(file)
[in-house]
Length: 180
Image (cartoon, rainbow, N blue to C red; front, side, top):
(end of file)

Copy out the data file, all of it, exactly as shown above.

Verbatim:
[in-house]
Length: 180
Image (cartoon, rainbow, N blue to C red; front, side, top):